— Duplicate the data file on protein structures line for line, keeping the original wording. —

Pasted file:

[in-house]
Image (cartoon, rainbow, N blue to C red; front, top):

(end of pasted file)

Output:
[in-house]
Image (cartoon, rainbow, N blue to C red; front, top):